I would be less than honest if I didn’t admit that I miss my family’s traditional Thanksgiving celebrations. Unlike Hollywood’s version of dysfunctional families gathering for the annual angst-fest, our small family didn’t do drama or have arguments about grievances from long-ago. We all got along and enjoyed each other’s company.
My mother and father hosted our family’s Thanksgiving dinners until it became too much of a burden for age-related reasons. At that point, my brother and his wife, who live locally, took over the duties and then raised the meal up a notch by introducing smoked turkey and prime rib to the menu. They also introduced a few of their friends to the mix and Thanksgiving became a bit livelier but still enjoyable and drama-free. My other brother and his family usually were able to make it down from northern California to join in the festivities.
Things started to change after my parents passed away. Like many families, they were the glue that held everything together and, once they were gone, my brothers and I slowly started to develop separate holiday traditions of our own. There were no discussions or explanations, we just began to move in different directions. I think we all understood that, even though we loved each other, our lives had diverged, and we had different paths we wanted to take around the holidays. The local brother and his wife have gotten very involved with their church and spend Thanksgiving with friends they have met there. My other brother and his wife usually spend the long weekend at a seaside hotel not too far from where they live.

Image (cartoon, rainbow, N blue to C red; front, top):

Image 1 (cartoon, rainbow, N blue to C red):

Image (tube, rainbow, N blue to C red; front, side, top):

Over the past several years, my husband and I have explored different ways to celebrate Thanksgiving. We’ve been invited to the homes of friends and we’ve invited friends to ours. We’ve traveled to be with relatives and we’ve stayed home and dined quietly on our own. Each version of a Thanksgiving celebration – big, small, home, away – has pluses and minuses but we’ve enjoyed them all.
This year, we have invited a couple of friends to join us for Thanksgiving dinner at our home. We’ll have the traditional offerings and are looking forward to a pleasant evening of good food and great conversation. Maybe next year we will find ourselves out of town – or even out of the country. But, no matter how we decide to spend the holiday each year, I am grateful for my warm memories of past celebrations, and for the flexibility to build new ones in a variety of shapes and sizes.